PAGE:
Re: LANG: need to CLOSE Issue 5.6 Imports as magic syntax

In short, we disagree, but that doesn't bind the
WG to either position.

To elaborate a bit...

On Wed, 2002-10-30 at 08:38, Jeff Heflin wrote:
> I believe we cannot in good conscience postpone imports. Until we
> resolve this issue, we cannot release a TR for the language.

I'm not sure what you mean by that; we certainly can resolve
the issue by postponing it, and release a TR without this

JimH points out the relevant requirement... I'm not so
sure we can't meet that without imports. To me, the use
of a property or class from another ontology is sufficient
" to explicitly extend other ontologies in order to reuse terms while
adding new classes and properties."

> In fact, I
> would strongly oppose releasing another working draft until we have a
> resolution on this issue.

I'm in an equally strong but opposed position; if the WG decides
to include this feature, I intend to have my objection recorded
for later review.

> Why is imports so important? Without it, we cannot build Semantic Web
> agent applications or have Semantic Web based e-commerce.

I build Semantic Web applications without imports all the time.
Some of them are e-commerce applications (though none
of them directly involve transfer of money).

I believe Mike Dean reports similar implementation experience...

"15:23:57 [lib-scrib]
- implementation experienc that don't need this stuff15:24:07
MikeD: us too: we don;t need imports"

> Imports is the
> only feature in the language that guarantees people have common meaning
> for the same terms.

I don't see any guarantee. I see a technique that may or may
not help build confidence. My opinion is that it's counter-productive,
as it prematurely closes off other techniques.

> Any application where money or contracts is involved
> needs a definitive way of resolving what is meant that does not depend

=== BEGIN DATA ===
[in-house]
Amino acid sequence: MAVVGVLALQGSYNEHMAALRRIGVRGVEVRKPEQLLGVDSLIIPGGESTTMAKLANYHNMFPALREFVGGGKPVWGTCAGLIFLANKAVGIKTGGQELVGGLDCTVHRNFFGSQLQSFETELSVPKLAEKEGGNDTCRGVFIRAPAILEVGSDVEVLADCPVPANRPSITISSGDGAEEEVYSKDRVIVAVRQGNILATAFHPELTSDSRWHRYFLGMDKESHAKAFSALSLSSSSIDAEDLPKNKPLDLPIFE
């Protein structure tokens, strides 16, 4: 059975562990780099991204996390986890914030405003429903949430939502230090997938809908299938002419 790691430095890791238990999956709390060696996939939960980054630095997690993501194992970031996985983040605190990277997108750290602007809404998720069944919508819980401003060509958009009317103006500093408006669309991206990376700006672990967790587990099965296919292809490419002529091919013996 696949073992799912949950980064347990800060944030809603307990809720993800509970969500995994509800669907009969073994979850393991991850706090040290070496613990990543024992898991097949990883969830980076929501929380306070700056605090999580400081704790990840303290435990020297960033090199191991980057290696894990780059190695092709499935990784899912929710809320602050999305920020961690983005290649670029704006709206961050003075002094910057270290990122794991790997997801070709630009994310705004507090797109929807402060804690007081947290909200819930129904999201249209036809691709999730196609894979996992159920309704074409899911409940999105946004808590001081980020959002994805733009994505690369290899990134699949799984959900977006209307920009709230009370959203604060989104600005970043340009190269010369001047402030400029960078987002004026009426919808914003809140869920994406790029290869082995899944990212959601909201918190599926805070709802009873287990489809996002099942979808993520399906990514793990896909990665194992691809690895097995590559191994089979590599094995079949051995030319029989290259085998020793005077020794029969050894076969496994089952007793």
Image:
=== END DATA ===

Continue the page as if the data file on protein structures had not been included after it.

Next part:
> on a particular user or implementation policy decision. Imports is one
> way of doing this on the Semantic Web. Furthermore, imports has been a
> common feature in ontology languages for at least the last 10 years
> (although it goes by the name of ontology commitment, ontology
> inclusion, or ontology extension).

I'm familiar with this feature in SHOE; I'd appreciate pointers
to other ontology languages that have this feature.

> If we don't have this feature, then
> we don't have an ontology language and better change the names of our
> language and our working group.

I think we do.

> I have proposed a workable solution that is easy to specify

workable? Perhaps. easy to specify?
the proceedings of this WG seem to say otherwise.

> and that, as
> far as I know, does not break anybody's application.

I stipulate that it doesn't break any applications that
I can see.

But it does have a cost that is more than I'm not willing
to bear (premature standardization).

> I have
> implementation experience with this kind of solution (SHOE, one of the
> first fully-implemented Semantic Web languages has this as a central
> feature). I'm sure the others in the working group who have worked with
> ontologies have similar design experience.

I look forward to hearing from them.

So far, Mike Dean and I have reported that it's not needed.

I read Jos as saying he could go either way.

> It is critical that we resolve this issue as soon as possible.

I agree...

> I suggest
> we work hard to find a solution that everyone can live with and put it
> in our next working draft.

I have not seen a solution I can live with, and in the interest
of timeliness, I suggest we leave this for later.

Dan Connolly, W3C

Received on Wednesday, 30 October 2002 10:44:33 UTC